Have You Ever Heard of Seat Belt Syndrome?
What?! Seat belt syndrome? What is that?!
Before we get into explaining seat belt syndrome, let’s talk about safety tips.
We’ve all read the stats (and if you haven’t, read here) about injuries and deaths related to car seat misuse or lack of use. We know how low the percentage is of children who should be using child restraints and actually are.
First and foremost I want to make it clear, it is best and keeps your child safest if you:
- keep them in the appropriate child safety restraint for their size, weight and age
- keep them buckled in a lap/shoulder belt when they fit properly in the vehicle’s seat belt (read 5-step seat belt fit test)
- keep them in the back seat until they are at least 13 years old
Parents often ask Child Passenger Safety (CPS) Technicians, “how can I put my 6-year-old back into a booster seat? And why should I, he uses a seat belt?”
The National Highway Traffic Safety Administration recommends that children should be in a child restraint like a RideSafer Travel Vest or booster seat until they are at least 8-years-old (really a bare minimum) and more preferably 4’9″ tall (often times around 10 or even 12 years old). The gold standard would be when the child passes the 5-step fit test.
When they reach this height, they should fit properly in the vehicle’s seat belt. But the big question is, WHY? Why should a child remain in a child restraint until this time? If you have a big enough why, you will follow through — with anything.
So Here’s the WHY
When children are not properly restrained, meaning they are in a lap-only belt, they are in an ill-fitting lap/shoulder belt or even if they moved the shoulder portion of the seat belt behind them or under their arm (whether in a booster seat or not) to keep it from rubbing their neck, they are at greater risk of seat belt syndrome.
To understand seat belt syndrome it is helpful to know some math. A simple equation can be applied to understand the amount of restraining force it takes to keep an occupant secured in their seat during a motor vehicle crash. Weight X Speed. That is the weight of the occupant times the speed the vehicle is traveling at the time of impact. An example would be a 40-pound child in a vehicle traveling at 30 miles per hour at the time of impact would require 1,200 pounds of restraining force to keep that child restrained during the crash.
An improperly restrained or unrestrained child would be propelled into the back of the front seat (as seen in the picture and the crash test video), the dash or windshield, another passenger or be thrown out of the vehicle via a window or sun-roof.
A child who is too small for the seat belt system often scrouches down so their knees reach the end of the seat; this moves the lap portion of the seat belt up to their abdomen and all that nice soft tissue. If they are in a lap-only belt or put the shoulder portion behind them or under their arm; they lose upper body restraint causing abdominal, spinal and/or head injuries.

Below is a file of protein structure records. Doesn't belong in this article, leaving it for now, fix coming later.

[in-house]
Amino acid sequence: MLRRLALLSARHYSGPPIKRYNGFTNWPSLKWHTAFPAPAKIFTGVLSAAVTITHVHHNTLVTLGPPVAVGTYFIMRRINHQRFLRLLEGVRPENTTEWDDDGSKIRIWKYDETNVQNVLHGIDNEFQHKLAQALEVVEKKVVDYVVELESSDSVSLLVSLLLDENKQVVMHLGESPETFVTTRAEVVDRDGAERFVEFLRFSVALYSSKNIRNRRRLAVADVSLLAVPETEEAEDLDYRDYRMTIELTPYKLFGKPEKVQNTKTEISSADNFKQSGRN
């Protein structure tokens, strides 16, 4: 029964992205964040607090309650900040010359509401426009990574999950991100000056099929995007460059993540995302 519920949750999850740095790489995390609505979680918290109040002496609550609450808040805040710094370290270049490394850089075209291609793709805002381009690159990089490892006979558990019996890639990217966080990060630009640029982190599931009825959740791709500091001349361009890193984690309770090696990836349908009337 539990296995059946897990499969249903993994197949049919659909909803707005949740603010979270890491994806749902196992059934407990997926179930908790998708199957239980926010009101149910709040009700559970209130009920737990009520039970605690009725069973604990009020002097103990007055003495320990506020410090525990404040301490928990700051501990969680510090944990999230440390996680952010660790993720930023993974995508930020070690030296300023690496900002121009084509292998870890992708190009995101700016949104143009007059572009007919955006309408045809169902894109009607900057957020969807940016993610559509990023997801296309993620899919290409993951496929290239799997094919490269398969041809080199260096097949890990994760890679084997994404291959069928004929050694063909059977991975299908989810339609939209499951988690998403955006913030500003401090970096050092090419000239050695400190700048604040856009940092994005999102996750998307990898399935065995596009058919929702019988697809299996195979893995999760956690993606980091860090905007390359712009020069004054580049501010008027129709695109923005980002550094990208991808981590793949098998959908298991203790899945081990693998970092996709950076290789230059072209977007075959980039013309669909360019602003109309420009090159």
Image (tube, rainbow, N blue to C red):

This Part is a Must Read
This can get rather graphic (especially if you google seat belt syndrome images).
During a crash, using a lap-belt only or having the shoulder portion useless behind you, the body is propelled forward, jack-knifing over the lap-belt causing serious internal injuries.
Then the head strikes the back of the front seat, rolling backward as the body continues in its downward arc, breaking the neck. The spine stretches and the spinal cord can be damaged. The 40-pound child in the example would sustain approximately 1,200 pounds of crushing force against their abdomen.
The child could sustain a lacerated liver, spleen or bowel, a ruptured bladder, and internal bleeding. Many of these internal injury symptoms don’t present themselves at the time of injury. An occult bleed may not be detected until hours after a crash.
There have been so many of these injuries to children and partially restrained adults that the medical community has named the group of common injuries “Seat Belt Syndrome”.
Download our report: Common Car Seat Mistakes and How to Fix Them
From what we, the technician community, have observed the group of children most likely to be at danger is the “booster age” child. That is roughly from 3 or 4 to 12 years old. The reasons for this could range from not wanting to buy yet another seat to the child feeling it’s “too baby” to sit in a seat.
Our oldest is 8 and 1/2 and he doesn’t think twice about it. We’ve always emphasized safety in the vehicle — to the point we can’t get out of the driveway without him telling us to buckle if we haven’t yet.
Booster seats are designed to lift the child up in an effort to make the child more adult like to fit the belt. The RideSafer Travel Vest is designed to make seat belt fit the child. In addition to that, the Ride Safer design also has energy absorbing components that absorb and spread that 1,200 pounds of force across a wider area of chest.
Read about another common seat belt injury: seat belt entanglement.
By Amie Durocher, Creative Director at Safe Ride 4 Kids and certified CPS Tech since 2004
Copyright 2014 Safe Ride 4 Kids. All rights reserved. You may not publish, broadcast, rewrite or redistribute this material without permission. You are welcome to link to Safe Ride 4 Kids or share on social media.
This post was originally published April 2013 and has been updated for accuracy and comprehensiveness.